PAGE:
Why is it called "CLOCKSS"?
CLOCKSS, or Controlled LOCKSS (for Lots of Copies Keep Stuff Safe), runs on LOCKSS technology, but unlike LOCKSS (an open network), CLOCKSS is a closed system.
Why join CLOCKSS?
Libraries are joining CLOCKSS to ensure the world's e-content is protected for future generations of researchers.
Publishers are joining CLOCKSS to preserve their titles in a secure dark archive without the cost-prohibitive expense of building their own preservation and storage system. The CLOCKSS Board deemed that when a publisher's content is triggered (see what constitutes a trigger event below), CLOCKSS should not charge libraries for access; instead, the triggered content is made available for free at CLOCKSS' host sites.
Who is eligible to participate in CLOCKSS?
Any research library or publisher, worldwide.
Why is CLOCKSS considered the most cost-effective archiving solution?
CLOCKSS leverages existing infrastructure
CLOCKSS Archive Nodes -- libraries selected to be the custodians of the archived content -- are housed at institutions that have existed for decades, if not centuries. CLOCKSS supports the library's role in society as a "custodian of culture." These institutions are located in geographically, politically, and geologically disparate locations in North America, Europe, and Asia-Pacific.
CLOCKSS runs on proven digital preservation technology
LOCKSS technology has been safely and securely preserving web-published content for over 10 years and has evolved with web advances to preserve new content types.
What distinguishes CLOCKSS' from other dark archive solutions?
Annual fees for publishers and libraries are set for a five-year period and designed to support operations during which time the Board will work to raise an endowment. The fees are intended to decrease at the end of the five years.
The Board considers an endowment critical to help cover costs. When times are tough digital preservation will not be a priority. An endowment will mitigate the risk to content preservation during economic downturns.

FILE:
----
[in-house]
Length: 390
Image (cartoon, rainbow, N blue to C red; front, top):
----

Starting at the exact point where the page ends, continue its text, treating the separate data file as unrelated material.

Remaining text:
CLOCKSS is a tax-exempt, 501(c)3, not-for-profit organization.
Publishers and librarians have equal say to influence CLOCKSS policies, priorities, and decisions that will impact them the most.
CLOCKSS participants have the opportunity to be deeply involved in all aspects of our industry and help to keep the community’s best interests at the forefront.
The CLOCKSS Board has two goals related to sustainability:
- Money spent on digital archiving competes with other needs. Minimize publishers’ fees; publishers pass along costs to libraries. Minimize libraries’ fees; leave libraries with more money to spend with publishers.
- Make triggered content freely available. Do not set up another subscription layer that keeps the content behind yet ever-widening access barriers.
CLOCKSS incorporates into its business model an endowment to be raised over a five-year period, which is expected to underwrite 80% of ongoing costs.
Minimum yearly costs are projected to be low enough to make it possible to raise an endowment to cover enough of these costs to keep CLOCKSS preserving materials during hard times. Because CLOCKSS is a 501(c)3 not-for-profit organization, contributions to CLOCKSS are tax deductible.
Both source files and presentation files are accepted for ingest and preservation.
CLOCKSS preserves the original files. When content is triggered from the Archive, the content is branded as the publisher's content.